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Only the letters that repeat in the original word can be repeated. I've tried $\frac{11!}{4!4!2!}$ and the for n = then result of the previous permutation I did $\binom{n}{3}$. Just feels like there are way more values than necessary.

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  • $\begingroup$ Does the order of the characters in the 3 character strings matter ? $\endgroup$ Jan 21 at 8:23
  • $\begingroup$ @trueblueanil yes. $\endgroup$ Jan 21 at 8:27
  • $\begingroup$ Have you studied exponential generating functions ? $\endgroup$ Jan 21 at 8:54
  • $\begingroup$ @trueblueanil nope. $\endgroup$ Jan 21 at 9:01

4 Answers 4

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Hint

Since you don't know exponential g.f's, an easy mechanical alternative is outlined below:

There are $4 S's, 4 I's, 2 P's \;and\; 1 M$

Form $4$ digit numbers from largest to smallest, (from the characters available), each row summing to $3$, eg

$3000\;2100\;2010\;2001\;1200\;1110 ...\;$ and add their permutations, viz

$3!(\frac 1{3!} +\frac1{2!1!} +\frac 1{2!1!} + \frac1{2!1!}+\frac1{1!2!}+\frac1{1!1!1!}...)$

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Rather than coming up with a single expression, it is easier to enumerate different possibilities. We can start with M: either there is one, or there isn't.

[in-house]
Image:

If there is no M, the three characters can be any combination of I, S and P, with just one exception: it can't be PPP. So there are $3^3 - 1 = 26$ possibilities.

If there is a M, then there are three possibilities for its position. The other two characters can be any combination of I, S and P. So there are $3 \times 3^2 = 27$ possibilities.

Conclusion: in total there are $26 + 27 = 53$ possibilities.

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  • $\begingroup$ The spoilers don't add anything to your answer, whatsoever. $\endgroup$
    – amWhy
    Jan 23 at 22:26
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The first letter can be any of 4 possibilities (I, M, P, or S).

The second letter can also be any of those four except that MM is not a valid combination (as MISSISSIPPI has only one M). So there are $4 \times 4-1=15$ valid permutations for the first two letters.

Having the same 4 options for the third letter brings us up to $15 \times 4 = 60$ permutations, but we must exclude PPP (since we're limited to two P's), and six permutations that already have an M in the first two letters (IMM, MIM, MPM, MSM, PMM, and SMM).

This leaves us with 53 valid permutations: III, IIM, IIP, IIS, IMI, IMP, IMS, IPI, IPM, IPP, IPS, ISI, ISM, ISP, ISS, MII, MIP, MIS, MPI, MPP, MPS, MSI, MSP, MSS, PII, PIM, PIP, PIS, PMI, PMP, PMS, PPI, PPM, PPS, PSI, PSM, PSP, PSS, SII, SIM, SIP, SIS, SMI, SMP, SMS, SPI, SPM, SPP, SPS, SSI, SSM, SSP, and SSS.

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Answer: We see that there is 1 M, 4 I's, 4 S's, and 2P's in MISSISSIPPI.

As we want 3 letters, we, technically, have 1 M, 3 I's, 3 S's and 2P's now.

We have MIS, MIP, MSP, MSI, MPI, MPS, MII, MSS, MPP - 9 for M

IMS,ISM,IMP,IPM,ISP,IPS,ISS,IPP,IIM,IIS,IIP,III,IMI,IPI,ISI - 15 for I, and 15 again for S.

PMI,PIM,PMS,PMP,PIP,PSP,PSM,PIS,PSI,PII,PSS,PPM,PPI,PPS - 14.

Therefore, our answer will be $9+15+15+14=53$.

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    $\begingroup$ You missed some combinations: IMI, IPI, ISI, PMP, PIP, PSP. $\endgroup$
    – Aetol
    Jan 21 at 17:12
  • $\begingroup$ And how do you know that you aren't missing any others, in addition to what Aetol pointed out? $\endgroup$
    – Teepeemm
    Jan 21 at 17:13

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